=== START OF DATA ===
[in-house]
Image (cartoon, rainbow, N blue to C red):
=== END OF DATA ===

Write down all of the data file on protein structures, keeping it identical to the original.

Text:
[in-house]
Image (cartoon, rainbow, N blue to C red):